Whatever you think of former Fed chair Alan Greenspan, he is one of the few public voices identifying runaway entitlement costs as a structural threat to the economy and nation. We can summarize Greenspan’s comments very succinctly: there is no free lunch. The more money that is siphoned off for entitlements, the less there is for investment needed to maintain productivity gains that are the foundation of future income generation: Greenspan: Worried About Inflation, Says “Entitlements Crowding Out Investment, Productivity is Dead” (via Mish)

Many people look to the rising costs of the U.S. military as the structural problem, and they have a point: there is no upper limit on military spending, and the demands (by the civilian leadership of the nation) on the services and the Pentagon’s demands for new weaponry are constantly pushing budgets higher.

But the truth is entitlement spending now dwarfs military spending: entitlements are more than $1.75 trillion, half of all Federal spending, while the Pentagon, VA, etc. costs around $700 billion annually.

We have a model for what happens when military and social welfare spending exceed the state’s resources to pay the rising costs: the state/empire collapses. The Western Roman Empire offers an excellent example of this dynamic.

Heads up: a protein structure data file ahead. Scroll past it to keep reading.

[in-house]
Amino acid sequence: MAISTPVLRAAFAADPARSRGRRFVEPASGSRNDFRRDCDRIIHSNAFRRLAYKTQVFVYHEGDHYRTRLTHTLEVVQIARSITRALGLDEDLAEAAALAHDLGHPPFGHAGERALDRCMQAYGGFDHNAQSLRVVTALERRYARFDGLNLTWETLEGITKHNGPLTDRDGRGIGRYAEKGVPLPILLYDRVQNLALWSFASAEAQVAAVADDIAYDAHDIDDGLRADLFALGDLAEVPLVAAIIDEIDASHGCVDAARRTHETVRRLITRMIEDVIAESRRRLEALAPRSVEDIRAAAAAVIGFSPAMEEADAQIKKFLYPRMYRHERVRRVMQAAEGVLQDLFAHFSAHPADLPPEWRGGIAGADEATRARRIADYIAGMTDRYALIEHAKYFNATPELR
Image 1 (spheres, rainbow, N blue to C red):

To continue reading: Recipe for Collapse: Rising Military and Social Welfare Spending

The Coming Era of Financial Triage, by Charles Hugh Smith

Sometimes the truth is pretty simple. From Charles Hugh Smith at oftwominds.com:

Virtually every major program of every major nation-state is financially unsustainable going forward.

Though triage is typically used in a medical setting, we are entering an era when financial triage will increasingly be necessary on a household, enterprise and national level.

The term triage may have originated during the Napoleonic Wars from the work of Dominique Jean Larrey. The term was used further during World War I by French doctors treating the battlefield wounded at the aid stations behind the front. Those responsible for the removal of the wounded from a battlefield or their care afterwards would divide the victims into three categories:

Those who are likely to live, regardless of what care they receive

Those who are likely to die, regardless of what care they receive

Those for whom immediate care might make a positive difference in outcome.

Financial triage is the process of sorting financial expenses/ programs that are unsustainable and cannot be “reformed”, those that cannot be saved except with systemic reforms, and those that will survive if simply scaled back.

To continue reading: The Coming Era of Financial Triage

The Coming Age of Austerity, by Patrick Buchanan